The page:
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Discussion Starter #1
I'm looking at an early Model 1851, made in 1852. All looks correct except the wedge isn't numbered.
Would that be correct for an early model? Did Colt always number the wedge or was that a later change. Just curious.
 

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The wedges were numbered to the revolver as manufactured by Colt, but due to rough use they were sometimes damaged or lost. I imagine gunsmiths back in those days carried spare parts like this that were susceptible to being damaged or lost. This particular part would not have had a number stamped as supplied by Colt.

Randy
 

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Colt wedges were always numbered to the gun. However, as you can imagine, during the gun's period of use, wedges could wear out, break, or get lost, and when this happened, the gun owner put in a wedge from another gun (so the wedge will have a different number) or just put in a replacement, un-numbered wedge. Personally, I dislike guns that have mis-numbered or plain wedges, but that's because I'm not an easy-going person... :giggle:

However, if the gun is great, I'll still buy it, but I'll demand a discount. When you own a gun that has a mis-numbered or un-numbered wedge, you lose the right to say the gun is "all matching"... Not a huge deal, but some purists will fret, and others will demand a discount. Unless the gun "sings" to you, I'd say try to find another.
 

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Discussion Starter #4
The reason I ask is that I have read that the late production of Model 1849's did not have serial numbers on the loading lever or wedge, and Wilson indicates that very early 1848's were not stamped on the wedge or loading lever lug. Can't find any mention of wedge numbering on the 1851's in the 1851 book.
 

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Replaced wedges are so common that, to me personally, it is of ZERO consequence if every other number matches. But again, not everybody is like me (thank goodness!!!) so for a resale later it may matter to someone else.
 

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The reason I ask is that I have read that the late production of Model 1849's did not have serial numbers on the loading lever or wedge, and Wilson indicates that very early 1848's were not stamped on the wedge or loading lever lug. Can't find any mention of wedge numbering on the 1851's in the 1851 book.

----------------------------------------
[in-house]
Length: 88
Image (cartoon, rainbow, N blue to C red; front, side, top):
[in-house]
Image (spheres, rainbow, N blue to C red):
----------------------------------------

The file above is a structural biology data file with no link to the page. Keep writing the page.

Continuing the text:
I don't recall reading a reference suggesting late '51 Navies had un-numbered wedges, so it would be interesting if someone could come up with a reference note suggesting this. However, I can already tell you that if you read Pate's book, he says that late production '60 Armies sometimes had un-numbered wedges.
 

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Just FYI, this Model 1851 manufactured late 1851/early 1852 does have the correctly numbered wedge, however, I also would not pass up a nice Navy just for an no number, or wrong numbered, wedge.
706814
 

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I should know this, but what years were the Squarebacks made ?
According to Colt's s/n look-up #2xx was mfgr'd in 1850 and the other two (27xx & 36xx) in 1851. I believe they produced these beginning in later 1850 and continued through 1851 when the Army Ord Officer who specified this TG style was replaced. Colt never liked it due to the extra cost. Less than 4000 were manufactured.

Randy
 

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I should know this, but what years were the Squarebacks made ?
They were only found on the 1st and 2nd Model Navies (the 2nd Model being more rare). The various 3rd and 4th Models all had round trigger guards.

... when the Army Ord Officer who specified this TG style was replaced. Colt never liked it due to the extra cost. Less than 4000 were manufactured.
The US Army Ordnance Officer was a Colonel Talcot, a holdover from the Mexican War. Colt wanted an Army contract for his Navies, so as to gain favor with Talcot he went with the SB TG, like the 1848 Pocket and the 1848 WF, 1st, and 2nd Model Dragoons. The reason for his replacement was that he was courts-martialed (Swayze, p.29), and from then on both the 1851 Navy and the 1848 Dragoon had the round TG.

I can't help you with your addiction as I "suffer" from it, also. My addiction is less expensive than yours, however, as I can't afford the real deal:



Regards,

Jim
 

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They were only found on the 1st and 2nd Model Navies (the 2nd Model being more rare). The various 3rd and 4th Models all had round trigger guards.



The US Army Ordnance Officer was a Colonel Talcot, a holdover from the Mexican War. Colt wanted an Army contract for his Navies, so as to gain favor with Talcot he went with the SB TG, like the 1848 Pocket and the 1848 WF, 1st, and 2nd Model Dragoons. The reason for his replacement was that he was courts-martialed (Swayze, p.29), and from then on both the 1851 Navy and the 1848 Dragoon had the round TG.

I can't help you with your addiction as I "suffer" from it, also. My addiction is less expensive than yours, however, as I can't afford the real deal:



Regards,

Jim
Very nice revolvers Jim! Best John
 
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